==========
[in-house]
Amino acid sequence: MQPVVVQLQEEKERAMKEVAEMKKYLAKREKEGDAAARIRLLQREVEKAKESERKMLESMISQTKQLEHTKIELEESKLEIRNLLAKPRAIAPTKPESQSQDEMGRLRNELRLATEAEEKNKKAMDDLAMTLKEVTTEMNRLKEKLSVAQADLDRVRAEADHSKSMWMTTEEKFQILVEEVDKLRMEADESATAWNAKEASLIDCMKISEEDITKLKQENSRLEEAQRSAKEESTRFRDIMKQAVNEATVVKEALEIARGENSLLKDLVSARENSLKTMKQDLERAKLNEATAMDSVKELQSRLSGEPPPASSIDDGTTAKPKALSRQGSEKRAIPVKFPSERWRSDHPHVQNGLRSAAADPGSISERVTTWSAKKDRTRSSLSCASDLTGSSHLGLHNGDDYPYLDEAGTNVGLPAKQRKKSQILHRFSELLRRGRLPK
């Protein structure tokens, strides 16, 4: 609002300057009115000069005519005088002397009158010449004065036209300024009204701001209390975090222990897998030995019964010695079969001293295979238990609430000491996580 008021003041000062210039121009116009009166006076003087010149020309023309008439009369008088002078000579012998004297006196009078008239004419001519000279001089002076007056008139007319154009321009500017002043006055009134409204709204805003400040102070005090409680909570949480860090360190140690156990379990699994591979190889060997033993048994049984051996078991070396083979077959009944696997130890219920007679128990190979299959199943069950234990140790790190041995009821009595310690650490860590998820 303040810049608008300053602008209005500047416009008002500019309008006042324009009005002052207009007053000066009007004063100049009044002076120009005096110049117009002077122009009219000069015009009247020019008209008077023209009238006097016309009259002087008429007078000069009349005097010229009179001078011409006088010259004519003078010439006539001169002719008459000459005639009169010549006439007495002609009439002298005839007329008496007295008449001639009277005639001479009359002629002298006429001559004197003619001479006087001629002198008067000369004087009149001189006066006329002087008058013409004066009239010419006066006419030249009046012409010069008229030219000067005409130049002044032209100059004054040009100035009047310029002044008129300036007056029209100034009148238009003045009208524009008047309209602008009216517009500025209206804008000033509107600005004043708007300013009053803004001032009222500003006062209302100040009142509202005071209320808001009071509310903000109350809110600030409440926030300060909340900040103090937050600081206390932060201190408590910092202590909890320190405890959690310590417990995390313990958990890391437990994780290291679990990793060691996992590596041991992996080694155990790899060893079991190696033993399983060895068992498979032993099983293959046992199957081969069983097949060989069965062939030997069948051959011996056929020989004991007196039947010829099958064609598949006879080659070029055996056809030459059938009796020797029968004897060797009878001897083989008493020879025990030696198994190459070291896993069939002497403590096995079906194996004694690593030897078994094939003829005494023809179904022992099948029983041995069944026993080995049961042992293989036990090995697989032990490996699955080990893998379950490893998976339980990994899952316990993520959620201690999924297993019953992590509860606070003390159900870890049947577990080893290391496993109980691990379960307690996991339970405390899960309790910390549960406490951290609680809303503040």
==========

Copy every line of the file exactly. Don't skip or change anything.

[in-house]
Amino acid sequence: MQPVVVQLQEEKERAMKEVAEMKKYLAKREKEGDAAARIRLLQREVEKAKESERKMLESMISQTKQLEHTKIELEESKLEIRNLLAKPRAIAPTKPESQSQDEMGRLRNELRLATEAEEKNKKAMDDLAMTLKEVTTEMNRLKEKLSVAQADLDRVRAEADHSKSMWMTTEEKFQILVEEVDKLRMEADESATAWNAKEASLIDCMKISEEDITKLKQENSRLEEAQRSAKEESTRFRDIMKQAVNEATVVKEALEIARGENSLLKDLVSARENSLKTMKQDLERAKLNEATAMDSVKELQSRLSGEPPPASSIDDGTTAKPKALSRQGSEKRAIPVKFPSERWRSDHPHVQNGLRSAAADPGSISERVTTWSAKKDRTRSSLSCASDLTGSSHLGLHNGDDYPYLDEAGTNVGLPAKQRKKSQILHRFSELLRRGRLPK
């Protein structure tokens, strides 16, 4: 609002300057009115000069005519005088002397009158010449004065036209300024009204701001209390975090222990897998030995019964010695079969001293295979238990609430000491996580 008021003041000062210039121009116009009166006076003087010149020309023309008439009369008088002078000579012998004297006196009078008239004419001519000279001089002076007056008139007319154009321009500017002043006055009134409204709204805003400040102070005090409680909570949480860090360190140690156990379990699994591979190889060997033993048994049984051996078991070396083979077959009944696997130890219920007679128990190979299959199943069950234990140790790190041995009821009595310690650490860590998820 303040810049608008300053602008209005500047416009008002500019309008006042324009009005002052207009007053000066009007004063100049009044002076120009005096110049117009002077122009009219000069015009009247020019008209008077023209009238006097016309009259002087008429007078000069009349005097010229009179001078011409006088010259004519003078010439006539001169002719008459000459005639009169010549006439007495002609009439002298005839007329008496007295008449001639009277005639001479009359002629002298006429001559004197003619001479006087001629002198008067000369004087009149001189006066006329002087008058013409004066009239010419006066006419030249009046012409010069008229030219000067005409130049002044032209100059004054040009100035009047310029002044008129300036007056029209100034009148238009003045009208524009008047309209602008009216517009500025209206804008000033509107600005004043708007300013009053803004001032009222500003006062209302100040009142509202005071209320808001009071509310903000109350809110600030409440926030300060909340900040103090937050600081206390932060201190408590910092202590909890320190405890959690310590417990995390313990958990890391437990994780290291679990990793060691996992590596041991992996080694155990790899060893079991190696033993399983060895068992498979032993099983293959046992199957081969069983097949060989069965062939030997069948051959011996056929020989004991007196039947010829099958064609598949006879080659070029055996056809030459059938009796020797029968004897060797009878001897083989008493020879025990030696198994190459070291896993069939002497403590096995079906194996004694690593030897078994094939003829005494023809179904022992099948029983041995069944026993080995049961042992293989036990090995697989032990490996699955080990893998379950490893998976339980990994899952316990993520959620201690999924297993019953992590509860606070003390159900870890049947577990080893290391496993109980691990379960307690996991339970405390899960309790910390549960406490951290609680809303503040």